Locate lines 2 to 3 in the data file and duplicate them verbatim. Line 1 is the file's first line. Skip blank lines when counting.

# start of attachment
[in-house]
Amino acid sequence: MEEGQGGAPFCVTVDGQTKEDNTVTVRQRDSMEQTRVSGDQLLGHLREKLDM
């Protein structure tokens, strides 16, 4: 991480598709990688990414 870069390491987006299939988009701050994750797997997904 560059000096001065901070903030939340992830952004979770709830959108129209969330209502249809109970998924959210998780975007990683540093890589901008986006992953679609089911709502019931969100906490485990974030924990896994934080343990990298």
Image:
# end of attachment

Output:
Amino acid sequence: MEEGQGGAPFCVTVDGQTKEDNTVTVRQRDSMEQTRVSGDQLLGHLREKLDM
């Protein structure tokens, strides 16, 4: 991480598709990688990414 870069390491987006299939988009701050994750797997997904 560059000096001065901070903030939340992830952004979770709830959108129209969330209502249809109970998924959210998780975007990683540093890589901008986006992953679609089911709502019931969100906490485990974030924990896994934080343990990298």